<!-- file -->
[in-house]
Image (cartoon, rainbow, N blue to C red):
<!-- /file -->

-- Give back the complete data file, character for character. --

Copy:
[in-house]
Image (cartoon, rainbow, N blue to C red):